Table 6. Summary statistics for the meristic characters analysed in the sub sample of 201 sea lamprey individuals included.

Tissue fatty acid profile

Individuals of Group 2 showed significantly higher values of heart total mass (HTM) (P<0.001) than the other two groups. However, no significant differences were detected for HTM/BGM ratio among individuals of the three groups (P>0.05; Table 7). The values of the HTM/BGM ratio were 0.25% for groups 1 and 2 and 0.24% for Group 3 (Table 7).

Table 7. Mean (± standard deviation) heart total mass (HTM, g), heart total mass/body gutted mass ratio (HTM/BGM expressed in percentage), mean heart total lipids (HTLip, expressed in g per g of dry tissue), heart water loss (HWater, expressed as percentage) and sex ratio of sea lamprey individuals analysed.

The heart total lipid content (HTLip) revealed significant differences (P<0.001) among the individuals of the three groups with sea lampreys of Group 2 showing the lowest value (15.3%), and the individuals of Group 3 presenting the highest value (30.8%) (Table 7). For each of the three groups, no significant correlation was found between HTM and HTLip.

The fatty acid profile of the heart tissue phospholipids varied among individuals of the three groups (Table 8). Gender had no significant effect (MANOVA, P>0.05) in fatty acid relative composition of phospholipids of heart tissue, whereas geographical groups exhibited a significant effect (MANOVA, P≤0.001). The interaction gender*geographical group had no significant effect in this variable (MANOVA, P>0.05).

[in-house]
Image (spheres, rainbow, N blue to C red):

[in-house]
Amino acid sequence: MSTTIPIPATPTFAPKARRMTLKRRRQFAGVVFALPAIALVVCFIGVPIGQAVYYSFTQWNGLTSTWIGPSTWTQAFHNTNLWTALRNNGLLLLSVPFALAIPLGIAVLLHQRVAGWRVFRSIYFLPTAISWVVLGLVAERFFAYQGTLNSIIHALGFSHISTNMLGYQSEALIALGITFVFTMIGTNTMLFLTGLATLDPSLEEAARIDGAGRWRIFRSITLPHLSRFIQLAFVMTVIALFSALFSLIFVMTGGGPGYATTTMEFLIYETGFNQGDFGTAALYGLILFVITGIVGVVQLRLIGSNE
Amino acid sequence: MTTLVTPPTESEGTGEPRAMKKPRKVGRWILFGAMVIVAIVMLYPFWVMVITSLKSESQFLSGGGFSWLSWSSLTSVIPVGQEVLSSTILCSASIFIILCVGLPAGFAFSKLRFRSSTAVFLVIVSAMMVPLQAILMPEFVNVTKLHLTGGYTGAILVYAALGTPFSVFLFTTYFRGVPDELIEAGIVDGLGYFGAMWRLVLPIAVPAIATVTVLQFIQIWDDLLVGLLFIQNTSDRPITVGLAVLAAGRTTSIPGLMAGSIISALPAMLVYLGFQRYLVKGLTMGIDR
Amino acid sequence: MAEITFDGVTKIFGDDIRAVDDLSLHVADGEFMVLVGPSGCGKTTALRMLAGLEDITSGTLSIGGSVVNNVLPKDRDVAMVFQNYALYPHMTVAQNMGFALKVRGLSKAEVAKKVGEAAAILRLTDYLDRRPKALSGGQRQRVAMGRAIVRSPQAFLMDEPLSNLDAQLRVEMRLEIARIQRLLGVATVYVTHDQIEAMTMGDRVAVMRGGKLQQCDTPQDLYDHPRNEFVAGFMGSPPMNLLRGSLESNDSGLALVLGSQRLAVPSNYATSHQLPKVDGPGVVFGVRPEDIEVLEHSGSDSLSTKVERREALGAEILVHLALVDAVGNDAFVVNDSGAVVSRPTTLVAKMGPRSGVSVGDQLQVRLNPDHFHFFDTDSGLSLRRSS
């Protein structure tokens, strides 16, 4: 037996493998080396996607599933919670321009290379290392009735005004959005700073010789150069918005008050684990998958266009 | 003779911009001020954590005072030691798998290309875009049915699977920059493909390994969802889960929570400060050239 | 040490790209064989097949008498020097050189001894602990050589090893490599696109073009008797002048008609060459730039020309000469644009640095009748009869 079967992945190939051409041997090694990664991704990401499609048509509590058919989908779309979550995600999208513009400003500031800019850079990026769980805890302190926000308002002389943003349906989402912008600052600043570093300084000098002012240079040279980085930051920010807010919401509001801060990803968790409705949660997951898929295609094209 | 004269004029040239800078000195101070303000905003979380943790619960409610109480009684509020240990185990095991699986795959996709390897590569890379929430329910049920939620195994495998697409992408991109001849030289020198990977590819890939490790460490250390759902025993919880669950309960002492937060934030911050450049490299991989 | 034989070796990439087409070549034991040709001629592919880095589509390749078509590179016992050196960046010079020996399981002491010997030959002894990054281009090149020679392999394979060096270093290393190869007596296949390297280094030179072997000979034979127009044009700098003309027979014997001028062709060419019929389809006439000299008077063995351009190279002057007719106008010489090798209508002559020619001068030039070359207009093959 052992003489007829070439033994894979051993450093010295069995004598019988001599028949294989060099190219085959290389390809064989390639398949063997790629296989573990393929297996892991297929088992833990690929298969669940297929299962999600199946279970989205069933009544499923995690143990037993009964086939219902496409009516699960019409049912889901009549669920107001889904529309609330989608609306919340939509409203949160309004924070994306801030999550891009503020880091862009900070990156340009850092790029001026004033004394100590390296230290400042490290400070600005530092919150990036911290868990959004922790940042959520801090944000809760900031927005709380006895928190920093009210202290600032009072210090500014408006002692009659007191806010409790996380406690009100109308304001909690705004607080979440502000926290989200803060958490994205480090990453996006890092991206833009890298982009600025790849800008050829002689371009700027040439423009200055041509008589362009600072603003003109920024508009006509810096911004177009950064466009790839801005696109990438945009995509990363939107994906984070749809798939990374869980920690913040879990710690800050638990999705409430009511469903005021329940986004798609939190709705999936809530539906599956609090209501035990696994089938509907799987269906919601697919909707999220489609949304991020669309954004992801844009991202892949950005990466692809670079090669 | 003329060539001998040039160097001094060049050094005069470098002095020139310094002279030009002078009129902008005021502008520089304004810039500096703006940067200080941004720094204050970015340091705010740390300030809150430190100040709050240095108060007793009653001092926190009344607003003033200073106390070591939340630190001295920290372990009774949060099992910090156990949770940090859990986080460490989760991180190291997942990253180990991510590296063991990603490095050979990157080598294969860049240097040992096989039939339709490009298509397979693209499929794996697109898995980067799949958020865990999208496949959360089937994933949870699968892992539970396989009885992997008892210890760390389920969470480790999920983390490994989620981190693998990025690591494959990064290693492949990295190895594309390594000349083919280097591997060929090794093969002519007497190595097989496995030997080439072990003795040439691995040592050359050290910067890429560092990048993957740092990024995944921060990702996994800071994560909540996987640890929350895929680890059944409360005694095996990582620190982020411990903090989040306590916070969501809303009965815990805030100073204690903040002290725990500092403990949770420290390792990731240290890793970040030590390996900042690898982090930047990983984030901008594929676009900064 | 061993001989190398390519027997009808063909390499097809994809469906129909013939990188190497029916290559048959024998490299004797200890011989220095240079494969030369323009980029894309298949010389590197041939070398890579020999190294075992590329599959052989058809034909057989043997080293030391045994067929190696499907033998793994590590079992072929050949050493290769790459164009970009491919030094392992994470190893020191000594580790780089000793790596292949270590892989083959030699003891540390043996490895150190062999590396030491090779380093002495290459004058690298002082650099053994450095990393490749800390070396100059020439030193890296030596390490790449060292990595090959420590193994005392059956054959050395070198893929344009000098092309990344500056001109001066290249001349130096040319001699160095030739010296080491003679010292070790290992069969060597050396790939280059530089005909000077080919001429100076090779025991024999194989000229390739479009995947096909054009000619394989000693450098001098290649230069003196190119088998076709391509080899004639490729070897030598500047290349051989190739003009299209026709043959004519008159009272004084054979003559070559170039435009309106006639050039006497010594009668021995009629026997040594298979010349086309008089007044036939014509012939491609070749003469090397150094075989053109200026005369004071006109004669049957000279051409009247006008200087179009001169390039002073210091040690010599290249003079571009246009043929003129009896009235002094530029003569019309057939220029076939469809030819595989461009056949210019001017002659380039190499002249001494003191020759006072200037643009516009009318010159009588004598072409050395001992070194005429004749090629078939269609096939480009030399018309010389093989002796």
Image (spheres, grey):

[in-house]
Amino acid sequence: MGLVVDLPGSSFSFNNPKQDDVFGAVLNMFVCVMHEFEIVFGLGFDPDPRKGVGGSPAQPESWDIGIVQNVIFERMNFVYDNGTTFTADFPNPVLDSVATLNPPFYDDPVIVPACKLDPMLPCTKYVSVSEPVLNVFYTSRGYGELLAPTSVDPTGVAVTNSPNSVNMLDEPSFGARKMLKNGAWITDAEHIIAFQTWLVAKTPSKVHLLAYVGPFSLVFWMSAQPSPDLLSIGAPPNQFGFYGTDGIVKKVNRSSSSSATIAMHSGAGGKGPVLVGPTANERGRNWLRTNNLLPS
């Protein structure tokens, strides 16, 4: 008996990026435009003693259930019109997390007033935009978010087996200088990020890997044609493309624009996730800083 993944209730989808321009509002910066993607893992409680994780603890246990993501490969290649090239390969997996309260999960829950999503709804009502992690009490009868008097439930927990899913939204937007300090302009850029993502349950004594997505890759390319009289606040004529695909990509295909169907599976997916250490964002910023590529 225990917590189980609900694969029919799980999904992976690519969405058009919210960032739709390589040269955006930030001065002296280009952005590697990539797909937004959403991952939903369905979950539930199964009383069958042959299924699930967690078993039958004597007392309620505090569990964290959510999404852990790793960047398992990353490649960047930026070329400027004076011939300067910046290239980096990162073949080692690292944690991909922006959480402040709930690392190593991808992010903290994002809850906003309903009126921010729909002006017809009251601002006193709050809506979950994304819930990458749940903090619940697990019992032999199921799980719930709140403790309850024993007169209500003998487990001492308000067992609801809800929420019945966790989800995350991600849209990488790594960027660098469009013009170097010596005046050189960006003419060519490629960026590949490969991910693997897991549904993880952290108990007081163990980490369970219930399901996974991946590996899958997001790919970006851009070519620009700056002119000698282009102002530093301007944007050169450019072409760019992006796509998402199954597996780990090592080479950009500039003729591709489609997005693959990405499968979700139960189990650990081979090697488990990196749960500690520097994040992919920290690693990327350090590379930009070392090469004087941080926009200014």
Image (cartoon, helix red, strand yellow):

Table 8. Relative amounts, as percentage of sum (mean ± sd), of fatty acids in heart tissue total lipids of sea lamprey individuals analysed.

The predominant class of fatty acids in heart tissue was the saturated fatty acids (SFA), with percentages that ranged from 37.92% in individuals from Group 3, to 39.52% in individuals of Group 1 (Tab. 8). The major exception was recorded in sea lampreys from Group 2, where the percentage of SFA was similar to that of monounsaturated fatty acids (MUFA). In what concerns MUFA, individuals of Group 3 were characterized by the lowest values (19.67%), and individuals of Group 2 were characterized by the highest values (38.33%). Polyunsaturated fatty acid (PUFA) relative percentages varied between 17.72% (Group 2) and 21.38% (Group 3) (Table 8).